Walking the show floor of IFT FIRST in July, it was clear that plant-based foods are the future and a $90 billion opportunity. That’s what the event signage said, and, indeed, almost every major exhibitor had their own riffs, examples, or samples of plant-based alternatives to meat, poultry, cheese, or seafood.
But the aisles of the expo hall were a jarring contrast to what’s actually happening in grocery store aisles, where the current generation of plant-based meat analogues is experiencing declining sales even as prices are being cut. Many consumers try them once or twice, but don’t buy them again, let alone eat them often.
Why analogues aren’t working for enough consumers is something we as food technology professionals need to start talking about. Because once we do, we can create enormous value by helping plant-based food manufacturers create better, more commercially sustainable products.
Instead, consumer dissatisfaction is something that too many in our profession are ignoring. That may be due to a bit of sleight of hand by more than a few consumer insights firms who are averse to sharing bad news, however obvious. While magicians rarely reveal their secrets, here’s how it’s done:
To realize the $90 billion opportunity, we need to start talking about making plant-based foods that taste better, work better in home kitchens, and follow the trend in the rest of the grocery store toward clean ingredients and clean labels.
Right now, many of the analogue products being rapidly launched are investor driven, not consumer driven. Consumers want to eat more plants, but not necessarily a lot of burgers and nuggets.
But you can only patent food processing technologies, not recipes. To attract investor interest, there has to be a lot of technology, so that means a lot of processing. To turn that investor interest into investor dollars, the potential return must be enormous. So companies launch products that are forecast to replace a large share of the real thing, whether that’s beef, chicken, or shrimp. That means products that promise to be close to the real thing.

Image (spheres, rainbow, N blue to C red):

The ingredient label is one sign that they’re not. Another is when you try to cook them.
Real meat, poultry, fish, and seafood, and even dairy, are hydrophilic, while most meat analogues are hydrophobic, with flavors locked in during manufacturing and intended to be cooked in just one specific way for best effect. That quickly gets monotonous for the home cook.
After that, there’s digestibility. Last year, Spanish scientists proved that plant-based foods make us gassier.
My walk around the show floor also did reveal a realistically bright future. Some companies we saw have developed solutions that can solve some of the challenges that plant-based analogues are facing.
For example, with fermentation having a moment, Ajinomoto offered a naturally fermented corn extract that can replace methylcellulose and move the industry a giant step closer to clean ingredient profiles, even helping bakery and ice cream makers do the same.
Benson Hill and Equinom are breeding new varieties of soy, chickpeas, and other legumes that are higher in protein and can be used in crushed concentrates without processing to create isolates.
We can create enormous value by helping plant-based food manufacturers develop products with fewer, simple ingredients that we want to cook and eat over and over again. But that’s true only if we’re willing to have a candid conversation about what is—and isn’t—really happening.
The opinions expressed in Dialogue are those of the author.
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